It’s my first year of standards based grading and I recently handed back our first major assessment. I had glanced at the assessments but hadn’t written anything on them myself. I planned to have students mark up their papers themselves – but they weren’t GRADING them. Here’s what I did…
I handed out red pens so that the feedback they were about to write would stand out from what they had written earlier on the assessment.
I grabbed our syllabus and reviewed with them what it meant to actually ‘master’ a learning goal by rereading our requirements for ‘Mastery’ and the other ‘level of understanding’ rankings – Progressing, Starting, and No Evidence. (for more on these, see this post on my grading policy) I emphasized the ‘high bar’ of showing ‘Mastery’.
I then had them get out their learning goal sheets that listed the goals for unit 1. They were to going to put on their ‘learning goal goggles’ (see Tony Borash’s post on what happened when he did this with his students) I asked them to sift through the assessment and identify which questions or parts of questions were an assessment of which goal. They began reading back and forth between the goals and the assessment saying things like “All of question 4 is goal 1.2 because we had to draw the graph and write the math equation.” and “No part C is an assessment of 1.3 because it says in 1.3 that we are explaining what the parts of the graph mean.” They really had to look in detail at each goal and think about each phrase or word it contained and how it fit with the task they had to do on the assessment.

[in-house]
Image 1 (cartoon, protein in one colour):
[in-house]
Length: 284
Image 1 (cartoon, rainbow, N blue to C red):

After about 5 minutes I pulled up my solutions to the assessment on the projector screen at the front and began discussing appropriate responses to show mastery on each question. After we went through the first two questions that assessed goal 1.1 I told students to “give feedback to your former self.” Give constructive criticism to that ‘former you’. Give them tips on how they can demonstrate mastery on their next assessment or positive feedback on aspects of their responses that did show mastery. Avoid superficial things like “Great!” and “Bad job here”, focus on writing things like “Elaborate on this explanation.” or “A diagram would help show understanding…draw a graph to go with this response.” Tell them how they can improve, even if you think they did fairly well. Base the feedback solely on the work that is on the paper and how it compares to the learning goal and our criteria for mastery. (For more on having students think about their ‘former selves’ see this great blog post by John Burk.)
I thought that as we went through the assessment students might think that since they understood my explanation that they really did understand it when they took the assessment. So I kept emphasizing that the feedback they were writing was based only on what that ‘former self’ wrote on their paper, NOT what they thought they understood now as we talked through it. What if a student really did now understand the concept after talking through this as a class? Great!…they’ll have another opportunity to show this in the future, but we were only giving feedback on the work that the ‘former self’ showed. I thought this would force students to think carefully about how I would assess their work in the future, since the work is what conveys understanding (and understanding is all I base their grade on).